334: Having Reservations

on December 22, 2008 in Book 12

In Which Hazel’s Reputation Precedes Her

Feejee ran downstairs to tell Iona about the party, returning a minute later to tell us that Iona might wander over later.

I kind of hoped she would decide against it… as clueless as Feejee was about the morality of consuming thinking beings, she worried me far less than Iona did. I had the feeling Iona knew exactly what it meant to take an intelligent life and just did not care. Also, Feejee at least regarded the merfolk traditions about hunting and feeding on land as inviolable sacred laws. I wasn’t so sure Iona felt the same.

I couldn’t explain my worries to Hazel and Ian, though, without blowing the mermaids’ secrets. So long as they weren’t actually hunting humans, stirring up the locals against them would feel… well, I knew what it was like to be treated as a murderous man-eating monster when I hadn’t actually done anything beyond simple existence. I wasn’t about to consign the mermaids to that.

In any event, with Feejee’s timely help, Hazel’s expert supervision, and my keen staying the fuck out of everybody’s way, we got the large cake over to the student union. I helped hold the doors, anyway… and at least my arms were free to carry my gift bag.

The first major obstacle had been overcome… the next would be to secure the party room. Any thought that this problem would be solved as easily as the cake had been transported dissolved as Honey came running across the union’s lobby, her eyes wide and wild.

The phrase “scared out of her wits” popped into my head and it stuck there. She looked absolutely beside herself with fright. I’d never seen Honey run before and honestly, if I hadn’t been watching her run now I would have hardly believed it. Her dress was so long and stiff, and obviously not designed for that sort of thing.

“Hey, what’s going on?” Hazel asked. “I thought you were going to hold down the fort!”

“I couldn’t stay in there,” Honey said breathlessly. “There is a man in there and he says he knows me and I swear I’ve never seen him before in my life!”

“Well, did you tell him we have the room tonight?” Hazel asked.

“I couldn’t,” she said. “He kept talking to me like he knew me, and it was giving me the galloping creeps.”

Hazel sighed.

“Probably somebody from one of my classes that can’t tell us apart,” Hazel said.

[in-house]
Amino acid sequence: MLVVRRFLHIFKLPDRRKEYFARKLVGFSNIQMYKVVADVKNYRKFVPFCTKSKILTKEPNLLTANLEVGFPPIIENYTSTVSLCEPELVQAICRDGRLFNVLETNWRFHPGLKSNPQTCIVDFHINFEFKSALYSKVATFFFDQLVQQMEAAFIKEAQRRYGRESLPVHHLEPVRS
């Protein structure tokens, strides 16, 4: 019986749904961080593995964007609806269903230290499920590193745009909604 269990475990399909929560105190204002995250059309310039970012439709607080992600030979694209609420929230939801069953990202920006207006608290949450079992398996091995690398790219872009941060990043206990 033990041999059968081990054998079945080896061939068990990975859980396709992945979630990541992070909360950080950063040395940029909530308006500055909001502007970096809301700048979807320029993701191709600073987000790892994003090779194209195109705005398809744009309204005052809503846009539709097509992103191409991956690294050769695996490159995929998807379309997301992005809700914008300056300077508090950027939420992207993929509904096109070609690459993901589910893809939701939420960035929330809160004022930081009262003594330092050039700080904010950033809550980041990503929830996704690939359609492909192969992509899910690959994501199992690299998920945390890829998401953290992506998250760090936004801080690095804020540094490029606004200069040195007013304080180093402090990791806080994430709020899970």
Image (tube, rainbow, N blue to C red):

“But he called me by name, Hazel,” Honey said. She seemed to be verging on hysteria… her voice was getting shriller by the second. “He called me by name!”

“Uh, if we’re going to keep standing here, can we find somewhere to set this down?” Ian asked. I don’t think the cake was that heavy, but it had to be kind of awkward trying to hold it level and he’d been walking backwards for a good portion of the trip.

“No, let’s just get it where it needs to go,” Hazel said.

“But…” Honey said.

“If someone’s been harassing you, they’ll have to deal with all of us now,” Hazel said.

Honey hardly seemed mollified by this. I supposed that to understand her reaction, it was necessary to remember that a gnome wouldn’t think of herself as being an undersized person surrounded by normal-sized folks but a normal-sized one surrounded by giants.

Hazel beckoned Ian and Feejee forward, and after a few moments of hesitation, Honey fell in line behind us. The party room door was ajar, and Hazel pushed it the rest of the way open to give the maximum clearance for the cake-bearers.

“Hey, you lot,” she said to the people in the room as Ian and Feejee maneuvered past her. “You’re going to have to clear out, we’re having a party in here.”

“It’s a public room,” a girl’s voice said.

“And we reserved it,” Hazel said.

“How can you reserve it?” someone else asked. “It’s here for everyone.”

“Right, and everyone’s welcome to reserve it,” Hazel said. “Which we did. You can come back after nine if you want.”

I stepped into the room behind Feejee and saw that there were two other distinct groups of people using it, three guys playing darts and a larger group sitting down playing cards. I didn’t know which one of them had claimed to recognize Honey, but I recognized one of them: Jamie, the guy whose boyfriend had started shit at the dance, was among the card players.

“Don’t you people have your own game room, anyway?” the guy who was arguing with Hazel, one of the dart players, said.

“No, we sure don’t,” Hazel said. “Our fees go to support the union same as yours do, and we can use this room same as you.”

“Sure, we all have equal right to use the room,” said a girl sitting next to Jamie at the card table. She had dark red hair curling out from under a round felt hat. “So why do you want to kick us out?”

“Look, we don’t mean to put anybody out but we’re having a party for our friend,” Hazel said. “And we have to get everything set up in a hurry, so if you could all…”

“Well, don’t let us stop you,” Jamie said to Hazel. He hadn’t acknowledged me. I had a feeling like he was trying to avoid looking at me.